“A habeas petitioner, unlike the usual civil litigant, is not entitled to discovery as a matter of ordinary course.” Bracy v. Gramley, 520 U.S. 899, 904 (1997). Instead, a habeas petitioner is entitled to discovery only if the district judge “in the exercise of his discretion and for good cause shown grants leave” to conduct discovery. Rule 6 Governing Section 2254 Cases in the United States District Courts, 28 U.S.C. foll. § 2254. To establish “good cause” for discovery, a habeas petitioner must establish that the requested discovery will develop facts which will enable him or her to demonstrate that he or she is entitled to habeas relief. See Bracy, 520 U.S. at 908-09. The burden is on the petitioner to establish the materiality of the requested discovery. See Stanford v. Parker, 266 F.3d 442, 460 (6th Cir. 2001). A further limitation on discovery is the case of Cullen v. Pinholster, 563 U.S. 170, 181 (2011), in which the Supreme Court held that under the clear language of the 28 U.S.C. § 2254(d), a district court is precluded from considering new evidence when reviewing a petition under § 2254(d) where the petitioner's claims were adjudicated on the merits in state court proceedings.

         Until a respondent files an answer to the habeas petition, “it is impossible to evaluate what, if any, discovery is needed and whether the discovery is relevant and appropriately narrow.” Gengler v. United States ex rel. Dept. of Defense & Navy, 463 F.Supp.2d 1085, 1114-15 (E.D. Cal. 2006); See also Shaw v. White, No. 2007 WL 2752372, * 3 (E.D. Mich. Sept. 21, 2007). In addition, none of the Rule 5 materials have been received by the Court; “and receipt of those materials may obviate the need to order discovery.” Shaw, No. 2007 WL 2752372, at * 3. Granting the discovery request at this time would be premature. The motion for discovery is denied without prejudice. Id.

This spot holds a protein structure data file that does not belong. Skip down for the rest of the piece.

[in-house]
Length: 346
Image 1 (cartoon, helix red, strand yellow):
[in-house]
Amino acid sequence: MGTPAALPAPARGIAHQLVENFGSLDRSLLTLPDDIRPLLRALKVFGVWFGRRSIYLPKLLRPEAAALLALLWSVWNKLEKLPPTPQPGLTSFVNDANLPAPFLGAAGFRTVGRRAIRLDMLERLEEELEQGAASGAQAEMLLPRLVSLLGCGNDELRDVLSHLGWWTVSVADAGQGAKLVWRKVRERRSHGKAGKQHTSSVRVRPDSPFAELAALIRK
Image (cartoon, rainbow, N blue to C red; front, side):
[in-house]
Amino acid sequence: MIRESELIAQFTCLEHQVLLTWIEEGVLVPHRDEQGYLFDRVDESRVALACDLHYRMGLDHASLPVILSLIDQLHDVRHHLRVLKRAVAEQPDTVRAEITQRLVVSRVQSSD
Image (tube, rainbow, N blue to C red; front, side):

3. The motion for bond.

         To receive bond pending a decision on the merits of a habeas corpus petition, a petitioner must show a substantial claim of law based on the facts and exceptional circumstances justifying special treatment in the interest of justice. Lee v. Jabe, 989 F.2d 869, 871 (6th Cir. 1993)(quoting Dotson v. Clark, 900 F.2d 77, 79 (6th Cir. 1990)). There will be few occasions where a habeas petitioner meets this standard. Dotson, 900 F.2d at 79. Federal courts may grant bail when granting the writ. See Sizemore v. District Court, 735 F.2d 204, 208 (6th Cir. 1984). By implication, a federal court should not grant bail under other circumstances. In light of the fact that petitioner failed to establish at this time that he would prevail on the merits of his claims, he is not entitled to release on bail. See e.g. Greenup v. Snyder, 57 F. App'x. 620, 621-22 (6th Cir. 2003).

         4. The motion to expedite.

         Petitioner requests an expedited hearing on his petition.

         The Court's order of responsive pleadings requires an answer to be filed by respondent no later than May 1, 2017. At that time, the Court will consider and dispose of the case as justice so requires. This Court has the discretion under the rules governing responses in habeas corpus cases to set a deadline for a response to a habeas petition. Erwin v. Elo,130 F.Supp.2d 887, 891 (E.D. Mich. 2001); 28 U.S.C. § 2243.. As another judge in this district has indicated: “There is no way a § 2254 case can be decided on a petitioner's submission only, and a court should not put itself in a position of considering the petition without a response by the respondent.” Mahaday v. Cason,222 F.Supp.2d 918, 921 (E.D. Mich. 2002)(citing to Beall v. Cockrell,174 F.Supp.2d 512 (N.D. Tex. 2001)). Until the Court receives the respondent's answer, it is not in a position to address the merits of petitioner's claims. Petitioner failed to show good cause to expedite a ruling on his petition for habeas relief to the detriment of petitions filed prior to the filing of his petition, because petitioner has shown no undue delay or that any delay had been or would be highly prejudicial to him. See Castillo v. Pratt, 162 F.Supp.2d 575, 576 (N.D. Tex. 2001). Petitioner's request and attack on his sentence “differs little ...